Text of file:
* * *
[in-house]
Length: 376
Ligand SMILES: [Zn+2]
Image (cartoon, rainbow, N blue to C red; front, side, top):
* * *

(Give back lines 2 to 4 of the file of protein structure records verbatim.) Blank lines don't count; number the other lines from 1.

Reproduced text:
Length: 376
Ligand SMILES: [Zn+2]
Image (cartoon, rainbow, N blue to C red; front, side, top):